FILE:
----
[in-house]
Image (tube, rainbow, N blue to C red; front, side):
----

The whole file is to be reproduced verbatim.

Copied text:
[in-house]
Image (tube, rainbow, N blue to C red; front, side):